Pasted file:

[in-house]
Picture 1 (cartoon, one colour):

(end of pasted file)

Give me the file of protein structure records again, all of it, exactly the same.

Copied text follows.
[in-house]
Picture 1 (cartoon, one colour):